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Antimatter may seem like the stuff of science fiction—especially because scarcely any of it can be seen in our universe, despite physicists’ best theories suggesting antimatter should have arisen in equal proportion to normal matter during the big bang. But researchers do regularly produce particles of antimatter in their experiments, and they have the inklings of an explanation for its cosmic absence: Whenever antimatter and normal matter meet, they mutually annihilate in a burst of energy. The slimmest overabundance of normal matter at the beginning of time would have therefore effectively wiped antimatter off the celestial map, save for its occasional production in cosmic-ray strikes, human-made particle accelerators and perhaps certain theorized interactions between particles of dark matter.

That is why physicists were so greatly puzzled back in 2018, when the head of the Alpha Magnetic Spectrometer (AMS) experiment mounted on the exterior of the International Space Station announced that the instrument might have detected two antihelium nuclei—in addition to six that were possibly detected earlier. Any way you slice it, known natural processes would struggle to produce enough antihelium for any of it to end up in our space-based detectors. But the easiest of all those hard methods would be to cook up the antihelium inside antistars—which, of course, do not seem to exist. Despite the fact that the entirely unexpected AMS results have yet to be confirmed, let alone formally published, scientists have taken them seriously, and some have scrambled to find explanations.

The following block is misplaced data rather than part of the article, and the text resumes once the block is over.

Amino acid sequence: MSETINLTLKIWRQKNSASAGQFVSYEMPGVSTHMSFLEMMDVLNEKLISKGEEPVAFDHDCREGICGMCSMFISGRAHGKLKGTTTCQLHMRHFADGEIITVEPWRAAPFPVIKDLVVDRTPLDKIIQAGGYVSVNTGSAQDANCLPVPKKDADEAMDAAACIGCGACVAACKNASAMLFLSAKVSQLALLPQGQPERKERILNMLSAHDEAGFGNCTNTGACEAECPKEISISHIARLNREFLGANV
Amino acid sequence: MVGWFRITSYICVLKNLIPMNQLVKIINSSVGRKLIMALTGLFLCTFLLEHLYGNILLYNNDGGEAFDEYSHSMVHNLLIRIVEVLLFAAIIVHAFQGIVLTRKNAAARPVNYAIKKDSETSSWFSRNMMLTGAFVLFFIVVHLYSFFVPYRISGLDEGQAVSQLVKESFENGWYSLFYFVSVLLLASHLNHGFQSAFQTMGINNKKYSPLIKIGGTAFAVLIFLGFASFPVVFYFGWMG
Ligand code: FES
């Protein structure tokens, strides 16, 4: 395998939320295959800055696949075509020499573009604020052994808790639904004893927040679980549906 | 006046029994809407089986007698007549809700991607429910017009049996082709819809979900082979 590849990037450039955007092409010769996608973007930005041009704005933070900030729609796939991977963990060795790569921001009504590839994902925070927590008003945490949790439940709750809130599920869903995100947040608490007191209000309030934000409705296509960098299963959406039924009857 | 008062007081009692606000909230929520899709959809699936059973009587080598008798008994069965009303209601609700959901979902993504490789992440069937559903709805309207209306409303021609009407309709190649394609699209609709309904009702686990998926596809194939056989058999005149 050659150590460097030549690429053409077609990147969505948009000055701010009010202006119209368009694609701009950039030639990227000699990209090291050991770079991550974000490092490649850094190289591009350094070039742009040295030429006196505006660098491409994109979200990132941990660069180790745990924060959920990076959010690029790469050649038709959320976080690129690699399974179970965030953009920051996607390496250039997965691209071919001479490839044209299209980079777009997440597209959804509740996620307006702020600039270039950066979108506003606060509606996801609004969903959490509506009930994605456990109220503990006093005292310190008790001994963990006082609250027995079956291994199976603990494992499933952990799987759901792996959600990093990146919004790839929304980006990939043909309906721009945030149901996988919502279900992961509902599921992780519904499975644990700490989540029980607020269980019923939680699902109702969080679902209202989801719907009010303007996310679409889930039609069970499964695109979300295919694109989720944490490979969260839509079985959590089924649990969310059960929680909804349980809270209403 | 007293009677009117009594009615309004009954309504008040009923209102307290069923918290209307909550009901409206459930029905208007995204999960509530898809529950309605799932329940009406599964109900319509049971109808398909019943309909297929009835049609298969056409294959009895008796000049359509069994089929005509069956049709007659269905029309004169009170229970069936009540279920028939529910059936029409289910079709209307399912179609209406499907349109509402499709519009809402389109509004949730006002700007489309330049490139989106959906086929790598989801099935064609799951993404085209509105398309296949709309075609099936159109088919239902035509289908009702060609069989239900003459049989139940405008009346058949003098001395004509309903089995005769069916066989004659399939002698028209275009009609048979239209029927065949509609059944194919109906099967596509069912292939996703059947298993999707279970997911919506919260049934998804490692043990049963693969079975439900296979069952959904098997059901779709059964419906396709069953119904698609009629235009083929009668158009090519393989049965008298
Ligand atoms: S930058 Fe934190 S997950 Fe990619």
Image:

Inspired by the tentative AMS findings, a group of researchers recently published a study calculating the maximum number of antimatter stars that could be lurking in our universe, based on a count of currently unexplained gamma-ray sources found by the Fermi Large Area Telescope (LAT). Simon Dupourqué, the study’s lead author and an astrophysics graduate student at the Research Institute in Astrophysics and Planetology at the University of Toulouse III–Paul Sabatier in France and the French National Center for Scientific Research (CNRS), made the estimate after looking for antistar candidates in a decade’s worth of the LAT’s data.

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